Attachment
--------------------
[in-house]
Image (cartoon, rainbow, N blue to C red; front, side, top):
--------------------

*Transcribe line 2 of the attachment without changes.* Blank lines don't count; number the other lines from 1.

Image (cartoon, rainbow, N blue to C red; front, side, top):